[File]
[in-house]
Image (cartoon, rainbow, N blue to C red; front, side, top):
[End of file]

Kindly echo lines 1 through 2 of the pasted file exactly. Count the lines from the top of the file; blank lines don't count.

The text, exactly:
[in-house]
Image (cartoon, rainbow, N blue to C red; front, side, top):